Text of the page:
Passion counts for something — passion and respect for idiosyncratic detail. In Honeyglue, the parents of a dying twentysomething stand in their living room and try to talk their way through their agony. They want their daughter dead and out of her pain — no, they want to die instead of her — no, they want to do something, but nothing can be done. The exchange, with all its awkward pauses and its rise and fall of emotion, takes up perhaps two minutes but feels much longer. The language is strange, stilted, grasping. It doesn’t sound like the way normal people talk, but these aren’t normal people; they are unwilling tenants of a land called Our Daughter Has Terminal Cancer, a place full of derangement and grief.
This is not a perfect movie. Parts of it are straight-up terrible. But those are the parts that grew on me, because they attempt something, and the movie fearlessly works its time-honored trope — dying young woman falls in love — in order to illuminate and to explore weirder corners. The woman, Morgan (Adriana Mather), meets Jordan (Zach Villa) in a nightclub. She has gone there alone on her birthday, telling her parents she was at a movie. Jordan, a sardonic crossdresser, steals her wallet, then thinks better of it after a bee stings him. Jordan is putting together a kids’ book about a bee who falls in love with a dragonfly, and he’s the bee, and Morgan is his dragonfly.
I believed in the affection that developed between them, because the actors have a tender, unstable, witty rapport. Morgan’s dad, a former detective, distrusts Jordan on sight and is implausibly rude to him; I agreed to accept that as the father’s way of trying to protect his daughter from whatever hurt he can spare her. But Jordan is for real; he turns out to be Morgan’s perfect gentle knight, albeit one in a skirt and Louise Brooks wig. Jordan lives in a tent on an apartment building roof; his presence there is tolerated by a junkie acquaintance (Fernanda Romero) who is pointlessly vicious to him, and who is connected to ethnic baddies to whom he owes money (which he borrowed for art school). This thread of the movie is ludicrous and needed to go.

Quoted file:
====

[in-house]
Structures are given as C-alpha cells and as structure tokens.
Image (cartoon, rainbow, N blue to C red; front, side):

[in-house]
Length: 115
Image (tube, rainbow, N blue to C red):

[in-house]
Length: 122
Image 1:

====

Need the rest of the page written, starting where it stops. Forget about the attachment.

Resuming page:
Morgan and Jordan soon get married, after he shaves his head out of solidarity with her, and their honeymoon is extended and sometimes feels padded. There’s a truly terrible sub-subplot in which Jordan seems to have kidnapped a doctor — though we don’t see it happen and don’t know how it was accomplished — so that the doctor can be on call in case of emergency, I guess. It’s an idiotic thing for Jordan and the movie to do, and it has no consequences. This detour more or less kills the film.
But before it dies, it has a bizarre life. I respected the difficulty of many scenes. When the couple go to visit Jordan’s mom (a fine turn by Amanda Plummer), it feels almost as if the writer-director, James Bird, gave Plummer a basic outline and invited her to run with the scenario — you haven’t seen your son in a decade, you thought sure he was gay, and here he is married to a dying girl. Like Jordan, Bird has Native American ancestry, and he has a simple, unstressed and unfaked sympathy for the outsider that a more polished tearjerker like The Fault in Our Stars couldn’t quite reach. (If anyone is still going to adapt Sherman Alexie’s The Absolutely True Diary of a Part-Time Indian, Bird has the chops and the heart for it.) Honeyglue — the title refers to a plot point in Jordan’s book — has its bad and pompous moments, but it also feels lived-in and genuine. I could see why these two cared for each other, and I cared for them. That is far from anything to sneeze at these days.